Gambling involves wagering something of value on an event involving chance, such as a football match or scratchcard, with the aim of winning money. It includes games of chance like card games, fruit machines, slot machines and roulette, as well as betting on sporting events, horse races or elections and speculating about business or insurance risks. There are many different reasons people gamble, including the adrenaline rush from winning and socialising with friends. However, for some people gambling can become harmful and they may need help to stop. There are many organisations that offer support, treatment and counselling for people affected by gambling.
People can get addicted to gambling in the same way as they can become addicted to drugs. It is thought that this is because of the similar ways in which the brain’s reward centres are stimulated. A number of factors can cause a person to gamble excessively, including the desire for rewards, boredom, impulsivity and a false sense of control. Some people also have underlying mental health conditions, such as depression or anxiety, which can make them more likely to be affected by gambling.
The effects of gambling can be seen on three levels – personal, interpersonal and community/society (Fig 1). Personal and interpersonal impacts affect those closest to the gambler, such as family members and work colleagues. They can be visible and intangible and include psychological distress, financial strain and strained relationships. These can escalate into other problems, such as escalating debt and homelessness. Community/society level external impacts are mostly monetary and can be general, costs associated with problem gambling or long-term costs.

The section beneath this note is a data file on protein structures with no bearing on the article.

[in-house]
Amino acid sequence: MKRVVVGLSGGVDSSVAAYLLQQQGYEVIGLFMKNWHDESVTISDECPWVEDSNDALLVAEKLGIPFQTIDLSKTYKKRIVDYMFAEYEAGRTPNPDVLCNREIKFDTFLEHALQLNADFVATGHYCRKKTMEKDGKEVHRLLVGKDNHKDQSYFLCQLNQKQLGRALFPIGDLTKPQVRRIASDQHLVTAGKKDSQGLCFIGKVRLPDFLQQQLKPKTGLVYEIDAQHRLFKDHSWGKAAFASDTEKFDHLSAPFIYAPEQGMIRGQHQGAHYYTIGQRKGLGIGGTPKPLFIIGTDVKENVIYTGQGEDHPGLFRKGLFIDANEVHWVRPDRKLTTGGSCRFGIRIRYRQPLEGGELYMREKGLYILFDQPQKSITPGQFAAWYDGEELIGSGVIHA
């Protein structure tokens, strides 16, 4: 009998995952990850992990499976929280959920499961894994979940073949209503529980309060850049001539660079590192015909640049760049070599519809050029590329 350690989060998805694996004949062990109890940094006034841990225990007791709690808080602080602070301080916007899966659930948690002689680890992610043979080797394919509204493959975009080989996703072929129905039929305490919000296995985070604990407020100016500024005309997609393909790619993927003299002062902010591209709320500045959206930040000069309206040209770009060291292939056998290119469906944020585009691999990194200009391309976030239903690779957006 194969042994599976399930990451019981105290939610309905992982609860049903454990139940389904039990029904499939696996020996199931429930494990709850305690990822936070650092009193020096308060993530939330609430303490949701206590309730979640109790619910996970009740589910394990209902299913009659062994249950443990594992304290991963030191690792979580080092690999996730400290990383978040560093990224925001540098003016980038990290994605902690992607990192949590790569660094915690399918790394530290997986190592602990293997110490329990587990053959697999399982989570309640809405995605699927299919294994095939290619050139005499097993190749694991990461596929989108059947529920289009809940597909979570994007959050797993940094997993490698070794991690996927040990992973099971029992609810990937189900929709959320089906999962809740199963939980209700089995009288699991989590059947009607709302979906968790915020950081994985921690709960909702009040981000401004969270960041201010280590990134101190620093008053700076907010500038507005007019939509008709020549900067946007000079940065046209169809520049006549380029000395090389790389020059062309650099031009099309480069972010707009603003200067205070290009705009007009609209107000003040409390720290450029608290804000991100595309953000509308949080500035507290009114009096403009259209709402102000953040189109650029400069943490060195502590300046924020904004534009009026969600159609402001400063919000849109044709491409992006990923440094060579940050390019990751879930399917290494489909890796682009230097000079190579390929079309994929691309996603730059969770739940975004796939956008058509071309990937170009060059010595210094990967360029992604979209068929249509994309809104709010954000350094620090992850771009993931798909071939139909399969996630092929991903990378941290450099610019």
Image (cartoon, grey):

There are many things that can be done to reduce the impact of gambling on a person’s life, such as spending time with loved ones and avoiding relying on others to fund your habit. It is also helpful to set goals and try to find other recreational activities. If your gambling is causing harm, talk to someone about it who won’t judge you, such as a trusted friend or a professional counsellor. It is important to reduce risk factors, such as using credit cards and borrowing money, avoiding gambling venues and not using them as an escape from boredom or stress. There are also programmes to teach people skills to manage their gambling, and inpatient or residential treatment and rehab programs for those who can’t quit on their own.